IVF and Fertility Specialists Clinic
Early Pregnancy - Including HCG levels and ultrasound findings
Page author Richard Sherbahn MD
When pregnancy begins depends on how "pregnancy' is defined. Does it begin when the sperm first penetrates the egg? Does it begin when the male and female pronuclei (see picture below) containing the chromosomal material move close together and decondense in the newly fertilized egg?
HCG levels in pregnancy
HCG, or human chorionic gonadotropin, is a hormone made by the pregnancy that can be detected in the mother's blood or urine even before the woman's missed period. This hormone is what we look for with a "pregnancy test".
HCG is first detectable in the blood as early as 7-8 days after ovulation by very sensitive HCG assays (research assays). In real life, blood pregnancy tests will be positive (> 2 mIU/ml) by 10-11 days after HCG injection or LH surge.
In general, the HCG level will double every 2-3 days in early pregnancy.
85% of normal pregnancies will have the HCG level double every 72 hours.
HCG levels peak at about 8-10 weeks of pregnancy and then decline, remaining at lower levels for the rest of the pregnancy.
There is a large variation in a "normal" HCG level for any given time in pregnancy.
Pregnancies destined to miscarry and ectopic (tubal) pregnancies tend to show lower levels (eventually), but often have normal levels initially.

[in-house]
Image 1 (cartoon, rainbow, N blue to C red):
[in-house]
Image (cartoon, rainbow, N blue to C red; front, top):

Learn about pregnancy after ectopic pregnancy
Some normal pregnancies will have quite low levels of HCG - and deliver perfect babies. Caution must be used in making too much of HCG "numbers". Ultrasound findings after 5-6 weeks of pregnancy are much more predictive of pregnancy outcome than are HCG levels.
For women that have had an HCG injection as part of their fertility treatment, the hormone takes about 5-14 days to clear from her system, depending on the dose and the individual woman. This can causes problems with interpretation of pregnancy tests done earlier than 14 days after an HCG injection.
HCG levels from normal singleton pregnancies (and twins below)
Levels are listed for various days after the ovulatory HCG injection or LH surge
The values below are from a group of 53 normal singleton pregnancies. Because this is a very small group of patients and because lab assays vary, it is important not to rely on these values to determine whether your pregnancy is viable, a single, a twin, etc.
NORMAL SINGLE PREGNANCIES
The information in the table above is part of a study carried out by Dr. Sherbahn that compared HCG levels from single, twin and heterotopic (combined intrauterine and ectopic) pregnancies.
|Day after LH or HCG||Average
Transvaginal ultrasounds of normal pregnancies at 5.5 weeks of gestation
Gestational sac (black area) is seen with yolk sac inside. An identical (monozygotic) twin pregnancy at the same stage is shown as well as an early twin pregnancy showing non-identical (fraternal) twins.
|Babies who had our help|